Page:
# 6. Simpson's Rule

by M. Bourne

### Interactive exploration

See an applet where you can explore Simpson's Rule and other numerical techniques:

In the last section, Trapezoidal Rule, we
used **straight lines** to model a curve and learned that it was an improvement over using rectangles
for finding areas under curves because we had much less "missing" from each segment.

We seek an even better approximation for the area under a curve.

In **Simpson's
Rule**, we will use **parabolas** to approximate each part of the curve. This
proves to be very efficient since it's generally more accurate than the other numerical methods we've seen. (See more about Parabolas.)

We divide the area into `n` equal segments of width `Delta x`. The approximate area is given by the following.

### Simpson's Rule

Area `=int_a^bf(x)dx`

`~~(Deltax)/3(y_0+4y_1+2y_2+4y_3+2y_4+` `{:...+4y_(n-1)+y_n) `

where `Deltax = (b-a)/n`

**Note:** In Simpson's Rule, *n* must be EVEN.

See below how we obtain Simpson's Rule by finding the area under each parabola and adding the areas.

### Memory aid

We can re-write Simpson's Rule by grouping it as follows:

`int_a^bf(x)dx`

`~~(Deltax)/3[y_0+4(y_1+y_3+y_5+...)` `{:+2(y_2+y_4+y_6+...)+y_n]`

This gives us an easy way to remember Simpson's Rule:

`int_a^bf(x)dx`

`~~(Deltax)/3["FIRST"+4("sum of ODDs")` `{:+2("sum of EVENs")+"LAST"]`

Continues below ⇩

**Example** using Simpson's Rule

Approximate** **`int_2^3(dx)/(x+1)` using Simpson's Rule with `n=4`.

We haven't seen how to integrate this using algebraic processes yet, but we can use Simpson's Rule to get a good approximation for the value.

## Don't miss...

There is an interactive applet where you can explore Simpson's Rule, here:

Calculus from First Principles applet

## Background and proof for Simpson's Rule

We aim to find the area under the following general curve.

We divide it into 4 equal segments. (It must be an even number of segments for Simpson's Rule to work.)

We next construct parabolas which very nearly match the curve in each of the 4 segments. If we are given 3 points, we can pass a unique parabola through those points.

NOTE:We don't actually need to construct these parabolas when applying Simpson's Rule. This section is just to give you some background on why and how it works.

Let's start with the first 2 segments on the left. We take the end points, and the middle point as shown:

We can take measurements (using an overlaid grid) and observe these three points to be:

`(x_0,y_0) = (−1.57, 1)`

`(x_1,y_1) = (−0.39, 1.62)`

`(x_2,y_2) = (0.79, 2.71)`

Using these 3 points, we use the general form of a parabola, `y=ax^2+bx+c`, and substitute the known `x`- and `y`-values, as follows.

`1=a(-1.57)^2+b(-1.57)+c`

`1.62=a(-0.39)^2+b(-0.39)+c`

`2.71=a(0.79)^2+b(0.79)+c`

This gives us a set of 3 simultaneous equations in 3 unknowns, which we can solve using these algebraic methods. Doing so gives us:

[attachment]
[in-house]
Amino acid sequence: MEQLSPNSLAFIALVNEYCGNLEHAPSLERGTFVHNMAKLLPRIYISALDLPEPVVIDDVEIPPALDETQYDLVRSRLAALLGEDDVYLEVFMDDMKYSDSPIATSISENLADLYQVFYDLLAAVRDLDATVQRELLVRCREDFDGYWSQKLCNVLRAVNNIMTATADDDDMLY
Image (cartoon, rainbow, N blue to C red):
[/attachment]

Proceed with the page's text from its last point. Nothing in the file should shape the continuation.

`a=0.17021`, `b=0.85820`, `c=1.92808`.

So the parabola passing through those 3 points is

`y=0.170x^2+0.858x+1.93`

**Note: **Of course, we are using full calculator accuracy throughout, but final results are rounded.

Here is what that parabola looks like:

We can see the parabola passes through the 3 points, and it is close to our original curve, and so it's a good approximation for the curve in that portion of the graph. As usual, the more divisions we take, the more accurate it will be.

We do the same process for the final 2 segments, and get a parabola that passes through the 3 points shown, and which looks like this:

There are noticeable gaps between the oriignal curve and our parabolas. We only have to halve the segment size to get a much better fit, as we can see in this next image. The parabola is almost identical to the curve.

See an applet that explores this concept here:

## Proof of Simpson's Rule

We consider the area under the general parabola `y=ax^2+bc+c`.

For easier algebra, we start at the point `(0,y_1)`, and consider the area under the parabola between `x=-h` and `x=h`, as shown. (Note that `Delta x = h`.)

We have:

`int_(-h)^h (ax^2+bx+c)\ dx `

`= [(ax^3)/3 + (bx^2)/2 + cx]_(-h)^h `

`= ((ah^3)/3 + (bh^2)/2 + ch)-` `(-(ah^3)/3 + (bh^2)/2 - ch) `

`= (2ah^3)/3 + 2ch`

`=h/3(2ah^2 + 6c)` (getting it into a convenient form)

Our parabola passes through `(-h,y_0)`, `(0,y_1)`, and `(h,y_2)`. Substituting these `x`- and `y`-values into the general equation of our parabola, we get:

` y_0 = ah^2 - bh + c`

`y_1 = c`

`y_2 = ah^2 + bh +c`

Solving these gives us

`c = y_1` (from the second line)

and

`2ah^2 = y_0 -2y_1 + y_2` (by adding the first and 3rd line)

Substituting these into `A = h/3(2ah^2 + 6c)` from above, we have:

`A = h/3(2ah^2 + 6c)`

`= h/3(y_0 -2y_1 + y2 + 6y_1)`

`= h/3(y_0 + 4y_1 + y_2)`

The parabola passing through the next set of 3 points will have an area of:

`A = h/3(y_2 + 4y_3 + y_4)`

Adding the 2 areas, we get:

`A= h/3(y_0 + 4y_1 + 2y_2 + 4y_3 + y_4)`

Say we have 6 subintervals. We just find the areas under the 3 resulting parabolas, and add them to obtain:

`A = h/3[y_0 + 4y_1 + 2y_2 + 4y_3 +` ` 2y_4 +` ` 4y_5 +` `{: y_6]`

We could keep going by creating more and more segments, and adding the areas as we go along. and we would obtain Simpson's Rule:

`int_a^bf(x)dx` `~~(Deltax)/3(y_0+4y_1+2y_2+4y_3+` `2y_4...+` `4y_(n-1)+` `{:y_n) `

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